Renewed anger and sadness at the girl’s dire predicament seeped into her thoughts. Leaning back in the chair, she shut her eyes and performed the mental exercises designed to sweep away the unpleasant emotions before they became overwhelming. She envisioned a favorite landscape, a beach of pristine white sand washed by sparkling waves.

As she relaxed, her thoughts drifted. In some ways, she was fortunate in her psychic talent. The requests for her services were usually more benign like seeking for an item of lost jewelry or a stray pet. In contrast, her younger sister had a talent for healing. Rosie worked at the hospital in the nearby town where she was exposed to sick people every day. After tending to a difficult patient, Rosie often had to rest at home for several hours to restore her usual cheerfulness. 

A few minutes sufficed to dispel Holly’s negative emotions. She swiveled around to gaze though the window at the verdant landscape. This room at the rear of the cottage overlooked the village allotments. Beyond the garden beds of vegetables and flowers, sheep grazed on grassy slopes at the edge of the woods. The soothing influence of the peaceful scene restored her normal serenity. She and Rosie often sat in this room for that very reason. Yet, sometimes she wondered if they had become too settled in this secluded village when the world had so many beautiful places. If only they had the credits, she yearned to travel and explore different regions of the planet. 

Holly withdrew her gaze from the window. Her scrying mirror lay open on the table. She picked up the mirror, intending to restore it on the shelf.

Her senses pricked. A premonition?

She glanced at the mirror.

Colors swirled over the reflective surface and a face appeared. A strange face with chiseled features and an extraordinary sweep of vibrant orange hair curling like a wave over the top of his partly shaved head. A male face, she guessed, despite his unearthly appearance. His eyelids were closed and his expression as calm as if he were asleep. As she watched, his eyes flicked open to reveal startling irises of a golden amber hue. His pupils widened and he smiled at her.

Who was he? Could he really see her or was he looking at something else? 

“Holly. Holly.”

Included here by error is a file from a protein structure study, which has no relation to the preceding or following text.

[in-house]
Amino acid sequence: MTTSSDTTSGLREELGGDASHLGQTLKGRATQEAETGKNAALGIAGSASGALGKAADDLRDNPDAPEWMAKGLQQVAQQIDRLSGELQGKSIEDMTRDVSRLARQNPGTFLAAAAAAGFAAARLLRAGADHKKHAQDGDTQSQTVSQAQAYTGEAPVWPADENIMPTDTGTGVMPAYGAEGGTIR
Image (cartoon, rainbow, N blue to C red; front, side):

Her sister’s strident call broke into her focused mind. She blinked and the mysterious vision faded from the mirror. 

Rosie burst into the room, waving a beige envelope. Her face glowed with excitement as she cried, “Holly, this letter just arrived. It’s from the Ministry for International Affairs.” 

Folding the mirror into its case, Holly shook her head in disbelief. “Why on earth would the Foreign Ministry send us a letter?”

“I know. Isn’t it weird? But weird is what we do.” Rosie giggled. “Anyway, the letter’s from the Regional Minister, Mr. Braithwaite.”

“It must be important,” Holly said slowly, holding out her hand for the letter.

“Here.” Rosie thrust the envelope into her fingers. “Read it.”

She unsealed the envelope and removed a sheet of cream-colored paper. The gold crown and sunburst emblem of the Indo Eurasian Union were embossed on the top of the letter. She had never seen such a posh letterhead. The sunburst glistened and the midnight blue of the territorial name created a vivid contrast on the pale colored paper.  

“Wow. It’s fancy.” She skimmed through the words and read the letter aloud,

“Dear Misses Holly and Rosyline Moon,

You are invited to an interview at our Regional Office to undergo a critical assessment of your paranormal abilities. Your employers have been informed that you will be absent for important international business.

A driver will arrive at the eighth hour on the morning of the fifteenth day of August to escort you from Hampton in the Wold to our offices at the New London Spaceport. Please bring any device you employ in your craft. The assessment is expected to last for the entire morning. Transport will be available for you to return home after the interview. You have the option of visiting New London in the afternoon.

We look forward to your attendance at this important interview.

Yours truly, Augustus Braithwaite, Senior Minister

International Affairs Division of Indo Eurasian Union

Office for International Affairs, New London.”

Wrinkling her forehead, Holly looked at her sister. “It’s a strange letter.”

Rosie cocked her head and murmured, “What do you think?”

Holly stared at the neatly printed lines of the letter. “It’s phrased as a polite invitation for some unspecified important international business. But we haven’t been offered a choice. There’s no request for a reply. No com code given for any questions.”